We are also Fairtrade accredited. I believe it’s increasingly important for brands to put sustainability at the heart of their business and would advise start-ups to set out with it in mind rather than try to retrofit it when you’ve already signed up all your suppliers.
Consumers and retailers are increasingly demanding proof of your commitment and much prefer to see that you are already locked in to green issues rather than promising to tackle it in the future.
Q: What do you consider to be the most effective way to market a new product? How did you make Charbrew a recognised brand?
A: Discover what makes you stand out. Interesting blends such as chocolate orange rooibos and strawberries and cream were among our first. Great packaging is also really important so that you stand out on the shelf.
I also think having a story to tell about your business is a great marketing strategy. You can tell it in sales meetings, on packaging, to media, on your website and via social media. Real life stories make people connect with brands, a great product makes them buy again.
Q: Having studied accounting and finance at university, do you take charge of the Charbrew business accounting?
A: I did at first, because I was my only employee. I have handed this over now because I need to be out there selling Charbrew, not just crunching numbers. I don’t really consider myself the financial person any more.
Q: What’s it like being your own boss? Are there any downsides?
A: It is hard work and there are new challenges every day. I work long hours and spend far too long in the car going from one meeting to a sales pitch to another but I wouldn’t swap it now, I enjoy the satisfaction of seeing the business grow.
Having developed new skills I would always rather be working for myself than someone else.
Q: What financial aid was available to you as a young start-up? What financial advice can you give to other young entrepreneurs looking to fund a start-up?
A: Not a lot, particularly in the current climate. I won a prize at university which helped me a bit but I still believe self-employment and entrepreneurship is massively overlooked as a career choice. Advisers are still stuck in the habit of guiding teenagers to this ideal of a ‘safe’ career – like banking – which doesn’t really exist any more.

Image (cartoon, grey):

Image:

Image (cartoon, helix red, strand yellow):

The Government is always talking about how the economy needs more start-ups, innovators, job creators. Every successful business was started by someone who took a risk, yet the focus is on how many fail, therefore it isn’t a choice that’s encouraged.
I would advise people to start small. Being young is the ideal time as you often have less risk – no mortgage, no dependents. Don’t overstretch yourself, you can achieve growth incrementally.
Q: How do you decide where you source your products from?
A: It was all about the provenance. I wanted quality tea leaves and ingredients so I had to find suppliers who met the standards I had in mind for Charbrew. I travelled across Asia and Europe to test ingredients personally. Charbrew is a quality product so we have to have consistency from sustainable sources in order to continue to meet consumer expectation.
Q: If you weren’t running a tea selling business, what would you be doing and why?
A: If I’d secured a job in London after university I’d probably still be doing that. Having experienced running my own business I think I’d simply be putting another business idea into practice
Q: What three pieces of advice can you offer to entrepreneurs?
- Do your research. My business idea came from extensive research. Know your market, identify the opportunity.
- Don’t spread yourself too thin. Have one core idea and focus on making that a success. Diversifying is a challenge for later.
- Treat every day like a working day. When you’re building a business you probably shouldn’t be in the gym during the middle of the day. Be prepared to put the hours in, there are no early shortcuts.